Travel Advice

How to travel for less (and still enjoy yourself!)

I know the story. The economy is not doing well, jobs are scarce and there isn’t enough savings to go round. Travelling has become a thing for those who can afford it, right?

So here’s a question I get asked a lot: How can you afford to travel so often?


It’s true that I am not rich, nor have I ever won the lottery.

It’s also true that I take a leisure trip of more than a week twice a year, with multiple shorter trips in between.

I’ve previously written about travelling on a budget, but I thought I’d expand on some of those ideas and introduce more ideas.

I am not a full time travel writer, so I don’t get free trips all the time and I still pay rent. What I do have, is the following habits to save money on my travels and being able to ‘make my money stretch the miles’ so to speak! :-)

Go off-peak

I understand this is not always possible for those with children, but it is one of my way of cutting the cost of my travels.

Both flight and hotel prices rise during peak seasons, these include any school holiday periods, long weekends, periods favourable for the destination seasons (summer in Europe for example) and for special events and festivals.

There are times when I do have to go during peak travel season but I don’t mind at all going somewhere when no one else is going.

Prices can be cheaper by half, and sure it may have rained on my trip to Venice, but I got to enjoy Venice almost all to myself (and for those who have been you’ll understand the crowd in Venice during carnival and summer times).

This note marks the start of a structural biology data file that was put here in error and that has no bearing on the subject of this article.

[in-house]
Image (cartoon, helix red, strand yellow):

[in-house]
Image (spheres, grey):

Less cost with less crowd. That’s the secret combination of travel happiness!

Eat local

Even at home I am not a big fan of fancy restaurants. Sure, I do dine in them, for special occasions, but I much prefer small, hole in the wall eateries with big flavours and it’s no difference when I am on the road.

There is nothing wrong with street food, such as the fantastic baguettes in Cambodia!
There is nothing wrong with street food, such as the fantastic baguettes in Cambodia!

Restaurants and cafes in and around tourist sights are often over priced and tasteless. It is easy with communities such as Couch Surfing to simply ask a local where they eat, and where the latest buzz are.

Not to mention, in countries where street food is common, I am often seen hovering around their carts for breakfast, lunch and dinner :)

Local eateries will always taste better, imagine the flavours you’ll try and the people you’ll meet, not to mention so much lighter on the wallet!

Look out for free events / activities

Of course, it is always more fun to join a festival, a street fest and to do something fun on your travels. No matter where you go, there are always free events and activities you can part take.The best place to seek such information is the websites of the councils and cities, and of course, you can always ask a local!

Ok, so technically not a 'free' activity but for the price of one Metro ticket, you can tour the beautiful Moscow underground for as many stations as you like!
Ok, so technically not a ‘free’ activity but for the price of one Metro ticket, you can tour the beautiful Moscow underground for as many stations as you like!

Know your (realistic) budget

Budgeting is important if you don’t want to get half way through your trip and run out of money! That really would be no fun!

You are going to have to know your budget, realistically, to ensure you don’t over spend.

This involves some pre-trip planning. The internet is filled with information so find out how much each meal might cost you, how much for a cup of coffee, what entrance fees you might have to pay and make sure you add them up for the entire trip and save.